Hello – I’m Jayne Knights and I’m an independent welfare rights trainer and consultant.
The government is committed to both comprehensive welfare reform and the successful roll-out of Universal Credit, having pledged millions of pounds to its implementation. Even if not everything goes to plan, we are looking at several years of change and uncertainty, involving a two-tier benefit system as growing numbers of people move to the new style system. Staff working with people on benefits and low incomes will need to be confident that they can:
- provide timely and accurate advice
- signpost people to the benefits they are entitled to
- maximise incomes for those in poverty
- help those who are struggling with the system
With more than 25 years of experience, I offer highly informative, relevant and engaging welfare rights courses that help staff understand the benefit system and empower them to help their clients.
Now that welfare benefits are changing so substantially it’s time to prepare your colleagues for what lies ahead and to ensure that everyone is up to date with what’s happening particularly regarding:
- All the current news regarding ‘legacy’ benefits, such as housing benefit, ESA and income support, and what is happening to them as we approach the expansion of Universal Credit.
- Up to date information about ongoing legal challenges which may drastically alter the Government’s plans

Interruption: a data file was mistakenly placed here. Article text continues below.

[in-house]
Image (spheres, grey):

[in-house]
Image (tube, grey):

- Important issues for disabled people, such as changes to the Personal Independence Payment and Employment and Support Allowance, and the implications of the Government’s extensive review of erroneous awards
- The changing face of protection and advocacy for vulnerable people, and how best to support them
All my courses are in the context of Universal Credit: we have an accelerated growth of Universal Credit areas and claimant groups, so it’s vital to know how Universal Credit will operate now and in the future.
As you probably know, the principle of Universal Credit is to amalgamate most of the current ‘means-tested’ benefits currently available to working-age people (including single people and disabled people) into one flexible benefit, which covers all the family’s needs, including rent, mortgage payments and childcare costs. The amount of Universal Credit is reduced as income rises, and benefit is paid monthly in arrears.
The effect of change, especially on existing claimants, cannot be overstated, and your clients will need your help. Follow this link for ideas on how I can help you organise your Universal Credit preparation.